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Antony Antoniou – Luxury Property Expert

Antony Antoniou

Falling house prices to push homeowners into negative equity

Falling house prices to push homeowners into negative equity

Falling house prices to push homeowners into negative equity

A number of recent home buyers with small deposits could soon find themselves in negative equity if house prices continue to fall.

More than 100,000 homeowners are likely to have properties worth less than their mortgage by the start of 2024, with some at risk as early as next summer, fresh research shows.

House prices are generally expected to fall next year, with Savills predicting a drop of 10% by the end of 2023. Some forecasts suggest that they could dip even higher.

There were 35,000 properties purchased with a deposit of 10% or less in the first quarter of this year and their owners are particularly at risk of falling into negative equity if the projected drop in home prices happens.

The National Association of Property Buyers (NAPB) say the risk of widespread cases of negative equity across the UK housing market was now “very real”, and that the next few weeks were pivotal for the housing market.

Jonanthan Rolande, a spokesman for the NAPB, commented: “Negative equity, if it hits hard, will trap millions in their property, however unsuitable it may be. Others will be repossessed as they won’t have any of their own money left to lose. In many cases, the taxpayer will be left to pick up the pieces.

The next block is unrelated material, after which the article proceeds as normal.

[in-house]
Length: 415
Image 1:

“Whether we once again see the unwelcome sight of negative equity depends upon how quickly and how far prices fall. But the risk is very real.

“Anyone who has bought a property recently will have had to put in at least 5% and will have likely seen a small amount of growth during the first months of their ownership. For a sizable number of owners to be affected we will need to see a price drop of around 7% from the height of the market.

Rolande points to Halifax’s Price Index, which shows that about 0.5% has come off property prices in September and October, combined, and so there could yet be room for further falls.

“It is a depressing thought for many who have bought over the summer that their property may now be worth less than they paid,” Rolande continued. “As bleak as things currently look, nobody can say for sure what will happen – Brexit and Covid were both predicted to annihilate the market but didn’t.”

He added: “The government could well find some solutions to prevent a downward spiral. However, if the current 0.4% per month fall continues, prices will be back where they were a year ago by March 2023 meaning nearly everybody that bought in 2022 will have lost money – on paper at least.

“There is a psychological effect that I remember clearly from previous dips. Simply knowing that your home will be worth less next month than it is today is a depressing thought and tends to stop people from spending money elsewhere.  Although this may well be what the government wants to curb inflation, if the market is about to fall we must also brace ourselves for business closures and redundancies as even those without a crippling mortgage become ever more frugal with their cash.”

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